“We have been able to learn enough to put the printer into operation with the help of colleagues who have experience. Our trainer Nijad Salihovic from Brcko, as well as our colleagues from the Faculty of Mathematics and Natural Sciences, provided great help. They helped us with the design of the model itself, so now we have reached a capacity of 4 visors a day,” says Professor Tamara Jagodic, adding: “We hope that our capacity will be 20 to 30 visors a day. After health facilities in Banjaluka, we will check the situation in other cities and work to the best of our ability.”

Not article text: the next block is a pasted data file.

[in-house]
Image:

She says that teachers and professors have practically no free time in the circumstances in which they work, because they are available to their students almost 24 hours a day.

“During the day we are available to them for their tasks and questions, and during the night we review their homework, write reports, plans, prepare classes. We were unprepared for this situation, but we had to adapt in a short period of time and be ready to meet all of our students’ questions. Because of this, the time is short. With the help of other on-call workers, we were able to come to an agreement that we start the machines, put together the visors, so that we can get back to our commitments with regard to distance learning,” said Professor Tamara.

ENABLE BiH model schools give their contribution